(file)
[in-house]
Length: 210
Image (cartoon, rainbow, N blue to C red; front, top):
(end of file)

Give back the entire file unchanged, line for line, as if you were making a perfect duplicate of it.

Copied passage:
[in-house]
Length: 210
Image (cartoon, rainbow, N blue to C red; front, top):